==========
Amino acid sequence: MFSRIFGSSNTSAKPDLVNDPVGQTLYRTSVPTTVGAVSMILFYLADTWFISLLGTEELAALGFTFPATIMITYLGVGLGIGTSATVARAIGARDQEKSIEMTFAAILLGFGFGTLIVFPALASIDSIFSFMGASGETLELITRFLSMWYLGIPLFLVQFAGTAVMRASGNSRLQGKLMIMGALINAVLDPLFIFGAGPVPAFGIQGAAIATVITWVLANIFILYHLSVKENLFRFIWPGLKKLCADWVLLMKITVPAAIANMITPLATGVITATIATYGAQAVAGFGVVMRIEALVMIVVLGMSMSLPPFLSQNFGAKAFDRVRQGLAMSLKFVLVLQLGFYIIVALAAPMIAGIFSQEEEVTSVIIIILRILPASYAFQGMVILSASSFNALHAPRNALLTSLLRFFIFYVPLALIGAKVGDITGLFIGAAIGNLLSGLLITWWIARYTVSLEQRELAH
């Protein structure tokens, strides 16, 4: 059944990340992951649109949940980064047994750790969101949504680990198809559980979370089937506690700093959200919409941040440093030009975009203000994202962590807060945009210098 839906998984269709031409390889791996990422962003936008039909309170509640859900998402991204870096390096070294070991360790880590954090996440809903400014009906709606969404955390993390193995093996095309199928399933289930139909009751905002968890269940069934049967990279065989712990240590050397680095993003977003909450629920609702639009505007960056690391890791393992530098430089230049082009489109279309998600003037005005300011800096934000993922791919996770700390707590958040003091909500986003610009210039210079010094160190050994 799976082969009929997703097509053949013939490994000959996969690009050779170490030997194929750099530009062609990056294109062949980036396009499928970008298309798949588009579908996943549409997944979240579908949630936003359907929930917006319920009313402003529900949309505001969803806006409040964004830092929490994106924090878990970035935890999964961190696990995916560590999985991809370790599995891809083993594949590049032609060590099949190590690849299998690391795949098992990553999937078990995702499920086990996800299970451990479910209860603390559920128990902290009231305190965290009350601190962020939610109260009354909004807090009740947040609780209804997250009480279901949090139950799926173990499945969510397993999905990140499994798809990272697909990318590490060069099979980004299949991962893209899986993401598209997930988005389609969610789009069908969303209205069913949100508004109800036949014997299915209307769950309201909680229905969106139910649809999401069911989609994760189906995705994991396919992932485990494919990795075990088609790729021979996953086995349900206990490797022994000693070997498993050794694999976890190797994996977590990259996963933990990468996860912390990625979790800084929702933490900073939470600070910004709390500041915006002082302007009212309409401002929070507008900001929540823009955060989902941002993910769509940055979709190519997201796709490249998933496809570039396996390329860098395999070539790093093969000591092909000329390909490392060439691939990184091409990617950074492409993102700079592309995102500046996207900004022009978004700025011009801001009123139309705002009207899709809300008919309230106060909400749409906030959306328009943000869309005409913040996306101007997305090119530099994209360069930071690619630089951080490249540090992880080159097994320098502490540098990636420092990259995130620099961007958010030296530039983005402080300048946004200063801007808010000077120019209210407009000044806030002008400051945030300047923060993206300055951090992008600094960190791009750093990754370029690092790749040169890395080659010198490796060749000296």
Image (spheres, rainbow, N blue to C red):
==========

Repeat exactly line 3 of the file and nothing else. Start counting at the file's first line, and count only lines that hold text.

Image (spheres, rainbow, N blue to C red):